Spatial Composition


BIS's SpatialComposition Domain Schema allows an iModel author to cleanly express the spatial structure of a site/facility and use that structure to organize PhysicalElements and SpatialLocationElements regardless of how they are organized into separate Models.

As many levels of composition as necessary can be used when modeling the spatial structure of an infrastructure asset. SpatialCompositon defines base SpatialStructureElement classes for Region, Site, Facility, FacilityPart, and Space that are used to express the primary spatial structure of an infrastructure asset. Discipline-specific domains supply more-specialized semantics through subclasses of these base classes. Instances of these classes are organized into a hierarchy using an "Aggregates" relationship.

The following table shows a sample infrastructure asset that involves a building, a road, and a bridge at a Bus Terminal. The table lists a name for the real-world Entity along with the discipline-specific class that it maps to (with its SpatialComposition base class in parenthesis).

Entity Discipline-specific class label (SpatialComposition class)
Bus Terminal Site (Site)
-- Bus Terminal Building Building (Facility)
---- First floor Story (FacilityPart)
------ Restroom 1 Space (Space)
-- Access Road Road (Facility)
---- Southbound Roadway Roadway (FacilityPart)
------ Travel Lane Traffic Lane (FacilityPart)
---- Median Central Reserve (FacilityPart)
---- Northbound Roadway Roadway (FacilityPart)
-- Ramp Bridge (Facility)
---- Superstructure Bridge Superstructure (FacilityPart)
------ Deck Bridge Deck (FacilityPart)
---- Substructure Bridge Substructure (FacilityPart)
------ Pier Bridge Pier (FacilityPart)

SpatialComposition also defines a Zone which can be used to express some alternate spatial-based grouping.

Using the Spatial Structure to organize other Elements

Once the spatial structure is modeled, its elements can be used to organize any bis:SpatialElement (the base class for both bis:PhysicalElement and bis:SpatialLocationElement) using "Holds" and "References" relationships. "Holds" implies that the related element (or some significant part of it, like the base of an elevator shaft) is contained in the SpatialStructureElement or Zone. "References" implies some weaker relationship (e.g. the elevator shaft passes through the space). See the Element Held by Spatial Organizer section of the "Information Hierarchy" article.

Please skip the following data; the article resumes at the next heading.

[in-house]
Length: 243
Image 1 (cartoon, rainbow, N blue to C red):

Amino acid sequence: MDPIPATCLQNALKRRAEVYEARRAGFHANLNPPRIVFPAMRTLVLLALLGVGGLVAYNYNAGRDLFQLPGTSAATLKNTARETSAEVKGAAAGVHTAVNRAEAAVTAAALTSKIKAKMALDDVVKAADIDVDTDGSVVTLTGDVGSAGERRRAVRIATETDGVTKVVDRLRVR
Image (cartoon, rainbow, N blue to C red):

The following table shows bis:SpatialElements that could be associated to the Bus Terminal example presented earlier.

Entity Spatial Structure Element Physical/Spatial Elements Relationship
Bus Terminal Site Holds Road Alignments
-- Bus Terminal Building Building Holds Grids
---- First floor Story Holds Columns, Beams, Walls, Doors
------ Restroom 1 Space Holds Sinks, Toilets
-- Access Road Road
---- Southbound Roadway Roadway Holds Pavement courses
------ Travel Lane Traffic Lane References Lane Markings
---- Median Central Reserve Holds Barriers
---- Northbound Roadway Roadway Holds Pavement courses
-- Ramp Bridge
---- Superstructure Bridge Superstructure Holds Beams
------ Deck Bridge Deck Holds Slab, Guard-rails
---- Substructure Bridge Substructure
------ Pier Bridge Pier Holds Columns, Footings, Caps

As seen in the example above, real-world infrastructure entities can be modeled using multiple parallel organizational structures, including the spatial composition hierarchy, spatial zones, physical assemblies, and partitioning of elements into models. Each modeling technique independently expresses a different aspect of meaning, enabling flexibility for schema designers and end-users.

| Next: Modeling Systems |:---

Last Updated: 21 November, 2022